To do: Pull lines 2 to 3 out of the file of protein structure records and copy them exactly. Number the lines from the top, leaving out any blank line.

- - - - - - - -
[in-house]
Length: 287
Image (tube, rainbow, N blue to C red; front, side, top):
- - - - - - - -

Length: 287
Image (tube, rainbow, N blue to C red; front, side, top):